- Associated Press - Sunday, January 17, 2021

SOUTH SIOUX CITY, Neb. (AP) - Move over, traditional automated teller machines.

The Siouxland Federal Credit Union installed a set of five new interactive teller machines (ITMs) at its South Sioux City branch in November. The machines, which are staffed by bank tellers who appear on a screen, replace the bank’s drive-thru teller windows.

One of the ITMs is inside the lobby, while the other four are outside, where customers can drive up and use them. The branch still has face-to-face tellers inside the lobby, and the technology didn’t displace any Siouxland Federal employees.

Mike LaCroix, vice president of marketing and member experience at Siouxland Federal, told the Sioux City Journal that transactions at ITMs are quicker than at drive-thru teller windows — the time spent waiting around has gone down by eight or nine seconds on average.

Reactions from customers have been mixed.



“You think you’re going to get some positive and negative feedback, and you do. It’s just funny that you see some of the people that you would imagine would be resistant to it, are the ones that fall in love with it,” LaCroix said.

Siouxland Federal officials are still trying to determine when or whether other branches will get ITMs. “We’re getting ready to build a Floyd branch, a new branch out on Floyd Boulevard, and those will get ITMs,” LaCroix said.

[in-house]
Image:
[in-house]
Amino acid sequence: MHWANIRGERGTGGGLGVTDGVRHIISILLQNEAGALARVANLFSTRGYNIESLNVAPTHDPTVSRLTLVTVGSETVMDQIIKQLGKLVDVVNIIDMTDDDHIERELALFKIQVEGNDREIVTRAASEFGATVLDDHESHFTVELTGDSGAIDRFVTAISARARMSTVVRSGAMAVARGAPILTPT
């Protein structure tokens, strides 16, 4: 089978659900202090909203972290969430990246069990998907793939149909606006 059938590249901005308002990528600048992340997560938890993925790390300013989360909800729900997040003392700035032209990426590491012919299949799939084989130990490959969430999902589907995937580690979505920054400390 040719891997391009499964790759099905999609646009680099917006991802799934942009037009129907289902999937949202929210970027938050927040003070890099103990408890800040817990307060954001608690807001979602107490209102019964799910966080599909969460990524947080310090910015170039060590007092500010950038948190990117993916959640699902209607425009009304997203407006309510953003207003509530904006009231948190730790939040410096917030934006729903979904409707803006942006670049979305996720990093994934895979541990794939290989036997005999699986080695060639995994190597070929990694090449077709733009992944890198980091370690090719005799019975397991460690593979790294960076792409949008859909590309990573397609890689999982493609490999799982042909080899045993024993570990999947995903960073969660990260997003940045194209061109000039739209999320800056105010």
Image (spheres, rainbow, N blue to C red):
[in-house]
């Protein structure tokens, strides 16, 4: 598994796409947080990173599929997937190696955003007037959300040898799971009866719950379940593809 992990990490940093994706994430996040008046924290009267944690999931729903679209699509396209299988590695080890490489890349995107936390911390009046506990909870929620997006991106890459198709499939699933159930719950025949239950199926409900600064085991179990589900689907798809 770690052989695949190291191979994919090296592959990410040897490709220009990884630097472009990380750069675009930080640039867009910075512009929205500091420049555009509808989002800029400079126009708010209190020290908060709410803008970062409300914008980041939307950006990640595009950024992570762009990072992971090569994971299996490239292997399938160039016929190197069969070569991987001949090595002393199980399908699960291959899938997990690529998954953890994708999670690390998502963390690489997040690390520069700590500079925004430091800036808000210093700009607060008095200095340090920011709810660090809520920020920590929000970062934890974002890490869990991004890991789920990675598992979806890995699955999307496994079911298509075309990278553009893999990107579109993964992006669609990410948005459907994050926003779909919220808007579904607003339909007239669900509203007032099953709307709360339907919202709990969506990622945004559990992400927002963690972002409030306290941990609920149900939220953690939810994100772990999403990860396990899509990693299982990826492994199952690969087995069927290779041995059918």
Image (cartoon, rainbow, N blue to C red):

LaCroix said COVID-19 was not the reason the credit union opted to adopt ITMs, which they’d been mulling since before the pandemic.

The machines feature a live teller on screen (the tellers work inside the Siouxland Federal building) and have somewhat the appearance of a late model ATM. They offer the same services as a teller window would without the pneumatic tubes, and can be used as an ATM if desired.

“It’s kind of like being at the teller window, really,” LaCroix said.

ATMs, which are different from ITMs in the sense that there is no person on the screen and the banking capabilities are somewhat limited, date back to the 1960s and are employed by virtually every bank. ITMs emerged within the last decade or so, and many banks have yet to implement the technology at their branches.

Banks may have some reason for taking the slow approach to adopting ITMs. The Credit Union Times, an industry publication, reported in March that 64 percent of bank customers still prefer an in-person interaction at a teller window.

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